The Algona Upper Des Moines from Algona, Iowa on January 11, 1934 · Page 8
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The Algona Upper Des Moines from Algona, Iowa · Page 8

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Algona, Iowa
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Thursday, January 11, 1934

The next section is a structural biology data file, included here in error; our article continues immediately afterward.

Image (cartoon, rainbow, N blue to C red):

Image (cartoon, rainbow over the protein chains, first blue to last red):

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The Algona Upper Pea Moinea, Algona, Iowa, Jan. 11,1934 Baby Chick Code is in Effect Now; $500 nNE LIABLE FOR VIOLATORS OF HATCHERIES CODE Willis Cotton of Lone Rock Is County Chairman; District Meeting Jan. 16 this district will meet, In Mason City, Hotel Hanford, January 16th. Local hatchery operators are ft p«rt of the second district, of which W. S. Grotewald, of Lake Mills. Is the district chairman. Our local county chairman. Willis Cotton is opt.imtet.ic concerning the code and believes It will assure the farmers of this community a much better quality baby chicks than hat<-n- erymen have been able to produce In the past. West Bend Barber For 40 Years is Called by Death KOSSUTH FARMS AND FOLKS By Win Harris, Farm Editor President Roosevelt signed the Baby Chick Code of Fair Competition on December 27, and on January 2 It be- \vo.<=t Bend: This community came effective law for hatcherymcn ; .checked Monday. January 1. \v:-eri all over the United States. i word wns srrcnd around that Har'y i ,, v Peck hnd rtird snddenlv. He wa*aw- - • Will Harris This code is under the jurisdiction of the AAA (Agricultural Adjusmcnt Administration) and is one of the first Agricultural codes to be signed by Secretary Wallace. It is the first code to be given to any branch of the poultry industry. The code provides a uniform wage scale for all hatchery employees; fixes a definite egg size for hatching eggs: prohibits its hatcheries from selling baby chicks, started chicks, or doing custom hatching below the "cost of production"; outlaws untruthful and false advertising; and guarantees farmers a premium for hatching eggs that Is commensurate with the extra effort that they are required to give their hatchery flocks. Every hatchery in tlie United States is under the code since Janaury 2. pnd subject to all Its provisions. The code defines a hatchery as "anyone who hatches chicks for other purposes than his own." Means Bigger Eggs The most sweeping nnd far-reaching change Is probably the section of the code which provides that hatcheries cannot Incubate eggs which average less than 23 ounces to the dozen. This also includes all custom hatching that is brought to any hatchery- The Federal Department of Agriculture feels that this will definitely tend to increase the egg size in poultry from year to year. Hatcheries, who violate the code, will be subject to a $500.00 fine per day for every day that they have violated the code in the future. The Iowa Poultry Improvement Association, which is the state trade organization for Iowa hatcherymen and poultry breeders, will hold a series of meetings in each of the ten Iowa hatchery districts starting January 8. These meetings will acquaint hatch- erymen with the Interpretations of various sections of the code and instruct them how to operate their plants according to the new law. Holding District Meetings V. C. Ramseycr of Oskaloosa, who is Secretary of the Improvement Association, and who is also a member of the national Code Compliance Committee | of Five, will be in charge of this series of district meetings. He will outline to hatcherymen how the code Is to be followed aa it was explained by NRA and AAA officials before a meeting of the Committee of Five in Chicago on Jan. 3rd. Prof. W. R. Whitfield of Iowa State College Extension Service, who has made an extensive study for the past year of hatchery production costs, will instruct hatcherymen how to determine production costs so as to adhere to the code requirements. Willis Cotton, who is county chairman of the hatcherymen of this county, announces that the hatcherymen of nkine and turned over in bed and his life wns srono. Mr. Peck wa.s about fO years of ntpe and has been a leading barber here for the past forty years. Of late years he was in partnership I r.-ith B. L. Roberts. Mr. Peck is sur! vivrd by his wife, one daughter. Mrs. Helen Roberts, of Harris. Iowa, and a step-daughter. Evelyn Redlne. The funeral arrangements have not been made. The people of West Bend extend slnrere sympathy to the lives in their sorrow. rela- At tendance at Kossuth's 150 rural schools, accord ing to Supt. Shirley, has be*n excellent trur* far this year. Only 4 men teachers are emptoyrd in the county's rural school*. Mr. Shir- wJiere discipline is ley explains that Siflicult to enforce men teachers are preferred, but as ft g;tv?ral rule. tN? ma'm is the . . of most | boards. Several country teachers live in Alsora and drive from 13 to 17 ni!es out to their school every day. The goins has ??een very treacherous lately on thaw slippery roads, but every teacher got to her school every day. Mr. and Mrs. Fred Schmidt and family entertained the farm editor at dinner on his birthday recently at their home near West Bend. Mrs. Schmidt broke her arm recently, and It failed to heal as It should. Fred Is going to take her to Iowa City soon for an operation which, it is hoped, will straighten out the arm. The Schmidts have twelve children, ten boys and two girls. There's plenty of land In the Fenton vicinity that feels the tug of farm machinery handled by the Jensen family. Hans M. Jensen and his two boys, Roy and Arthur, are farming 600 acres in all, which is no small job even for three good workers. —o— "Cap" Smith is hale and hearty again after a s!rk spell, and we're as glad as the rest of his friends to know It. "Cap" once lived in Livermore, but has been farming his present location Two Accidents in St. Joe Community Due to Icy Roads St. Joe: Due to the icy roads last Thursday and Friday several accidents occurred. Larry Wilson working on the CWA. hauling gravel in driving up hlU near the Nick Bormann, Jr.. farm, the truck skidded to the side upsetting In the ditch, breaking the box on the truck. Mr. Wilson had to break the windshield to get out of the truck. He er-caped with only a: few cute and SC paul turner of LuVerne upset in the ] near Algona for the past 16 years. He tch last Frldav with his car east of has 9.000 bushels of corn on his place, about 500 of which are eight to nine years old. he told us. Stanley Gardner should have been an automotive engineer. His latest achievement Is a Bulck redesigned Into a handy power wagon. Stan stripped the old car down to the essentials and fitted wagon tires to the wheels. Gangway! rt Tourists are more than ever brought to realize they are passing a town now when they go through Bancroft on highway 169 and we the large, new filling station on the corner. George Wichtendahl of West Bend „_ _.. _„ __ . _ was in the office one day last week af- -Wednesday and Thursday here at tne ter he had also paid a visit to the locnl h ome O f her aunt. Mrs. Fred Carter, bnnk. George sealed 1100 bushels of , R d Mrs c B Mitchell attend- corn nbout. tViree weeks ago and was • ... .-,in to see about the loan. BUET NEWS | ayggSOWX^^ M. J. Ryerson was ill the first of the week. Mrs. Will Schram and daughter spent the week end here at the home of Rev. and Mrs. C. B. Mitchell. Mrs. Milo Brown, and Mrs. Emery Brown from near Gamer visited at tne C. B. Chlpman home last Sunday. Mrs. Will Lai-sen and two daughters of Brltt spent several days here lost week at the Curtis Holding home. Mrs L. M. Boettcher, Mr. and Mrs. Fred RIngsdorf drove to Wesley one day last week to visit W. P. Oiddings. Mabel Wiese of Algona spent ditch the McNeil oil station. It's been n balUe |all the way- hut we're starting the New Year right. Continued low prices and a lot of Special*. Jan. Sale starts the 10th. 12 Oa. Shell*, 59c box. 22 shorts, 13c. Harness Oil, 45c gal. Two %-lb Cakes Mother's Chocolate and Fudge Pan, 29c.—Gamble Stores Alvina Reding is at the John B. Reding home helping with the household duties. Marcella Thill is assisting with the household duties at the George Backer home. Mary Ann Devine is iissisting with i he household duties at the Mike Reding home. A number from here attended the funeral of Harry Peck at West Bend last Wednesday. Mr and Mrs. Clarence Kramer spent Saturday visiting at the Nick Eischen home near Cylinder. Mr. and Mrs. A. C. Holtzbaaer and children of Algona spent Sunday at the John Hammer home. Henry Zeimet, Arthur Big, Prosper and Edmund Pridcrs were business call- e:s in Eagle Grove Thursday. Mr. and Mrs. William Hammer and pona -were visitors at the A. C. Holtx- bauer home In Algona Saturday. The contractors working on the new cement bridge north of St. Joe finished their rip-rapping job Saturday. The infant son of Mr. and Mrs. Bernard Devine was baptized Gerald Michael recently. Sponsors were Mary Ann Devine and Frank Reding. Mrs. Lucy Wagner and son, Nicholas, Mrs Sylvester Wagner and Rosalia Friders spent last Thursday at the Nick Reding home near Whittemore. Mr and Mrs. Adolph Fuhrmann drove to Owatonna. Minn.. Wednesday morning accompanied by Mrs. Henry FaLr and sons, Alfred and Cyrtles and Val Fuhrmann, where the latter visited It was reported that about $80,000 in corn loan money was made available in one 24 hour period here last week— which is some mighty good news and a fine way to start the new year. —n— Geonre Nauman's pump froze up on a nasty cold day recently. After almost freezing his hands In the bargain, George finally thawed her out and fixed things so she can't freeze again. George lives southeast of Plum Creek. —o— A Happy New Year to all. Frohllche Welhnachten und gluckliches Neujahr Ihnen und den Ihrigen. George Nauman, who Is living on the Rob Kain farm, declares that he holds at least one record, that of having the poorest oats in the county . . . and that's saying a lot, George farms 240 acres In Plum Creek, and observed his 45th birthday last Monday. And just so you won't think the poor oats part of It had him feeling low, we want to say that he is feeling optimistic about the coming year, and looking forward to his 45th birthday with a mighty youthful zest. Nick Semon of Whittemore was a caller In the office last week. Nick sealed 2.000 bushels of corn recently. BIDS TO BE LET JANUARY 18TH ON WHITTEMORE TANK New Structure Will Have A Capacity of 50,000 Gallons Whittemore: The town council held a meeting Tuesday nisht and completed the plans for the erection of the new water tstnk. Tt is cither to of steel or wood nnd will have a capacity of- 60.000 gallons. The bids on the tower will be let January 18. with their friends homes. before returning to Mr. and Mrs. Adolph . . Fuhrmann visited with the Val Enat Faribault, Minn. They Mrs. Mike Thul visited relatives In Alfjona Friday. Mrs. J. R. Cullen visited Joe McTigue of Emmetsburg Friday. Mr. and Mrs. Henry Gerdes visited friends in Whittemore Thursday. John Waldron visited his cousin, Ed McGulrc of Emmetsburg Monday. Harold Roth and Ed Cullen were In Fort Dodge Wednesday on business. Joe Mechan spent Friday In Ayrshire visiting his father, Joseph Meehan, Sr. Melbourne Simpson shipped a carload of hogs to Chicago Saturday night. Tulla Jeppson of Emmetfburc visited her friend Marguerite Fleming, recently. returned home Friday evening. All Gasolines don't look alike to an automobile engine . . . But all enjrinos look alike- to CORYELL ... it runs as smooth in a $2,000 limousine as it does in a good old Model V or an orphan of early automobile days. The Price of Ic less a gallon is made possible by our reduced costs of marketing and a manager-ownership system of distribution. Your local (Joryell station is not paying for a national advertising campaign; therefore we pass the saving on to you—AND, our station is home-owned, and supports three families in our community. CORYELL Service Station One block south of Iowa State Bank Corner. Father Ernest of Oto. Iowa, visited Father Velt and Nick Thllges the past week. Bertha Vaudt has resigned her position as stenographer In the Farmers State Bank. Loren Davenport of Humboldt visited the post week with Mr. and Mrs. Andrew Elbert. The Lutheran Aid association held Its quarterly meeting in the tohool Monday evening. Frank Miller of Milwaukee, Is the new man employed In the Andrew S. Elbfrt harness shop. Henry Dahlhaused returned to Mound Loui'inna, recently. He took a truck load of oats with him. Mr. and Mrs. John P. Koilasch are the past week. Mr. Miller is a brother of Mrs. Rooney. Mrs. Henry Meyers was operated on r,t the McCreery hospital Saturday morning for hernia. Patricia Weir, R. N.. is the nurse In charge. Tlie academy boys nnd girls journeyed to Pocahontos Tuesday nieht. win- nine both B!Un r K. The boys won 4R to R nnrl thp j*irls by a score of 46 to 10. Fnthpr Finncgan of Emmet^burT visited with Fathers Velt and Hyland on Tuesday. Peter O'Brien accompanied him and visited some of his old friends I her.- 1 . Mrs. Irene Rooney was a business caller at Omaha, the latter part of the wr«k. Mrs. Tom Miller assisted in the Home Cafe during Mrs. Rooney's absence. Mrs. Mary Brogari returned from Fairmont, recently after visiting with MT. aria Mr*. Harry Oreon. Bin. Brognn Is employed nt. the Frank Scr- ! ley home. Mrs. Jim Blscnius and baby daughter wore taken to her home north of town Tuesday in the Swaason ambulance. Alice Elsele is taking care of mother and baby. John Lynch and Dorothy Bassett of Spencer visited Mr. and Mrs. Tim O'Brien New Year's evening. They were enroute home from Waucoma, where thfy had visited Mr. and Mrs. Tom Lynch. Ed Maahs has moved his Stromborg products from the Koppen building into the Lavrenz building, formerly occupied by Bill Rusch. He has moved Incubator and will start setting It the first part of February. Wliittemore friends received word the past week of the marriage of Ethel Munch, formerly of Whittemore, bul now of San Diego, California, to Frank A. Woertendyke of Los Angeles. The marriage took place Thanksgiving day Rex Wessel of the Mielke Manufacturing Company at New Hampton brought up a new grinder for Jim Ho- pnn Sunday. It is the largest machine they make. Mr. Hogan will be able to do grinding faster than before. Jim Fickbohm acompanicd Mr. Wessel. returned to their home at Lawter on and Edmund O'Brien took Sister Mary . Celine to Algona Friday evening, where !the met Sister Mary Presentation who was visiting her parents, Mr. am Mrs. P. W. Dahlhauser. The Sister i returned to ther home at Lawler 01 Friday night. ed a district group meeting of ministers and their wives at Algona, Monday. The parent teachers association will meet at the school house Thursday night. A home talent program will be given. Tlie Home Guard girls met at the home of Zelpha Rae Pratt Saturday afternoon. Miss Lucille Sewlck is their leader. Clarence Schrader relumed to Cedar Falls Sunday after spending his vacation here with his parents, Mr. and Mrs. Charles Schrader. Mr. and Mrs. Ernest Nauman moved Into the Lewis Larsen house In the north part of town last week. They came here from Wesley. Mrs. Gottlieb Leek of Arnegard, North Dakota, Is visiting her father, W. H. Smith, at the home of her sister, Mrs. Floyd Duncan. Mr. and Mrs. LOU Smith and their daughter returned recently from Decorah, where they spent the holidays with Mrs. Smith's parents. Arthur Barker, who has been staying at the C. L. Phelps home, had the misfortune to have his foot injured while visiting friends at Coggan recently. Mrs. W. A. Ladendorf, Miss Clara Shaw and Mrs. Jess Thoreson and children were Algona shoppers Saturday. They also called on Mrs. Ray Ladendorf. The Paul Dettman and Peter Looft families enjoyed a birthday dinner on Saturday at the Dettman home. The dinner was In honor of Ardith and Ar- vld Dettmnn. Mr. nnd Mrs. W. E. Brace, Mr. and Mrs. Fred Ringsdorf and Mr. nnd Mrs. Gerald Brace and son wfere dinner guests at the S. E. Straley home at Fenton Sunday. Mr. and Mrs. Gordle Ogg of Algona, Mr. and Mrs. Stanley Keith and children and Mr. and Mrs. Wm. Boettcher were Sunday dinner guests of Mr. and Mrs. L. M. Boettcher. Friday was the 24th wedding anniversary of Mr. and Mrs. Oraham. Mfes Virginia Thaves left for Albert tea where she her aunt before going on to olis, where she will resume her Miss Thaves to taking a beauty course. A good crowd attended the Ladles' Aid society meeting at the P" 80 "*^; It was decided to have an afternoon tea February 7th at the chu«*i In.hon- or of the anniversary ol the cnurcn. A program will be given. Mr. and Mrs. Jas. Sewlck and their daughter spent Sunday afternoon at tlie J T. Graham home near Algona. Mrs. Graham Is improving from her recent Illness nnd is now able to DC up and around the house. Mrs. Ida Anderson received an in- viattion to the golden wedding of_her sister, Mr. and Mrs. Martin Albright of HartOtey, Iowa, on January 10th. Mr. nnd Mrs. Albright's pictures were In Hie Sunday Des Molnes Register. Mrs. Pete White who has been visiting her parents, Mr. and Mrs. Will Kingsdorf returned to her home at Marshall, Arkansas, last Friday with Mr. White's parents, Mr. and Mrs. Herman Da«. The Daus will visit at the White home. The Woman's club met Monday night at the home of Mrs. A. H. Meinzer with Miss Charlotte Warrior assisting. A paper by Mrs. W. T. Peters, "English Actors' Heritage," review of •Tft» the Arliss, by Mrs. by J. T. Heaney we» the program. Mrs. Laura *Wi« of. Algom ape* Friday of last week here Mtha JUP. stow home. Mrs. Anna Stow, M* a I Phelps, Mrs. B. L. nwlpt <£f son also spent the day ftt ttte Sttrir home, as Mrs. Paine was to leate on Monday for California, where she ha* a Job. She drove her car out. _ _ tf m Do Your Glasses i} Fit Your Face • We have glasses to fit every type of face . . . glasses that bring out your best points, as well as provide better vision. Let us help you. A. W. Amunson OPTOMETRIST First Door South Call Theatre. Miss Winsome Volentine left Sunday for Sanborn, Iowa, where she is teaching. Winsome spent her vacation here with her parents, Mr. and Mrs. Albert Volentine. Russell Chipman has a job with the crest service in Muscatlno and Loui» countte». He went ttwre last TrrarB- ny to begin work. He has thirteen men working In the CCC. Mr. nnd Mrs. Albert Volentine anc amily were supper guests of Mr. ant Urs. J. D. Graham last Friday night, Well Groomed People Are Happy and Popular People Now that most all dry cleaning prices are standardized under the code, it Is not a matter of cost but quality workmanship In choosing your dry cleaner. Unless you have the dry cleaning habit to keep your personal effects clean and fresh and yourself socially at ease, let us show you how Inexpensively and helpful our r.ervice can be. Garments cleaned here are returned when and as you want them with all then- original color and style It Is possible to renew. Modern Dry Cleaners Phone 537 Algona, Iowa. WAKE-UP! YOU 1934 PIONEERS! the proud parents of a baby girl i Tlie public school girls and boys born Tuesday morning played the alumni basketball teams on E. Elbert of Springfield, Minn., vis- | Tuesday night. The high school girls ited his mother, Mrs. Jo-seph Elbert and other relatives recently. Mr. and Mrs. M. W. Brennen of Emmetsburg visited with Art and Herman Fandel Wednesday. Dr. Eohn of Fort Dodge was in town Saturday morning on business. Dr. Bonn at one time lived here. Mrs. Frank Schattschnoidpr and her children visited Mr. and Mrs, Jake Kc-mu-1 at Fnnton Wednesday. Ix-ster Qulnn returned to college at Iowa Falls after a two weeks' vacation and will complete this g'-me-ster. Kathryn Haag, Torn Kellv and Wm. Ru'ch attended the funeral of Harry Peck at West Bend, Wednesday. Ava Simpson returned to Parkersburg to resume her teaching dut!?s af- tr-r enjoying a two weeks vacation. The announcement of the marriage of Robert Hogan and Agnes Origer was made in St. Michael's church Sunday. Mr. and Mrs. C. L. Cavanaugh were in Humboldt Tuesday morning attending the funeral of Mrs. August Buckholz. 8. C. Ehlers of Madison, Wisconsin, spent the week end visiting his mother, Mrs. Henry Meyers, and other relatives. alumnt bays by a score of 39 to 9. Trie high school will play Wesley on. the local iioor Tuesday night. Mrs. A. D. Brogan entertained four tables of five hundred Friday evening in honor of her husband's birthday. Those present were: Mr. and Mrs. Pete :-)Chumuc."er, Mr. and Mrs. Will Rusch, Mr. and Mrs. Carl Haiisen, Mr. and Mrs. Alfred Semon, Mr. and Mrs. Tony Schmidt, Harvey Elbfrt, Gene Martini, Ht-jiry Behnke, Edna Mosbach. After '.he card games they enjoyed an oyster stew. Whittemore friends of Eve ret Frost and Alvina Peebles were surprised when they returned to learn that they had been married since September 25. 'I he wedding occurred at Down, Missouri. Mr. Frost Is an industrious young man and la associated with his father In running the dray. Mrs. Frost has only lived here a short time be- lore they went away to be married. The young couple will make their home here and Mr. Frost will run the dray. "~Why~Gct Up Nights? USE BUCHU AND GIN Make Thin 25c Test. It is as valuable to the bladder as caitor oil to the bowels. Drives out Mrs. A. E. Hauck and two daughters Ul , Durilie3 and exceas ac ids which cause f t-w .. _*.„„ « fin*-. *,(.~ttr..rl n t,*\It fl Q \1C f*— •» of Hampton, Minn., visited a few days 'he past week with Mrs. R. A. Bart- iett. Vin Elbert had the misfortune the past week to have most of his oata stolen from the granaxy east of the Chas. Roupe farm. The academy boys loet their basket- 'pleased your druggist will return your ball game to Wesley Friday evening i 25c. Your are bound to sleep better ttf- by a ic'Jre of 33 to 15. The academy j ter this cleansing, girls won 34 to 25. I E. W. Lusby, Druggist, Algona, and W Mr and Mrs. Thomas Miller of Roy- the irritation resulting In getting up nights, burning, frequent desire, leg pains and backache. On account of the alcohol use juniper oil from which gin la made. Ask for Bukets, the bladder laxative, also containing buchu leaves, etc. After four days, if not And wlio among you is not a pioneer in this struggle back to normalcy 1 ? .. . Weakening of sales and advertising activity throughout the country has thrown wide the doors of competition . . . Now there are no "cornered markets." . . . either for automobiles or hail-pins, AND KOSSUTH COUNTY LS NO EXCEPTION. Opportunities for SALES are wide open in this region. All lines of activity report tremendous gains. It is true that KOSSUTH COUNTY IS A BRIGHT SPOT ON THE BUSINESS MAP! Retail sales are up ... Payrolls are up ... Employment is up and people are BUYING... Because they want to buy ... Because they have to buy .. .Because they are invited to buy through advertisements they read in THE ALGONA UPPER DES MOINES . . . Even though they are buying again, they still want their money's worth, and they know that the merchant who advertises has something WORTHWHILE to offer at a fair price. Let us help you merchandise your goods; advertising WILL bring results. You can cover Kossuth county in— The Algona Upper Des Moines "Kossuth County's Pioneer Newspaper" Circulation 2637 (Feb. 1,1933) and growing. al, Iowa, visited Mrs. Irene Boonej J. Dentou, Druggist, Titonka, say Buk- tla is a beat seller. Established 1865.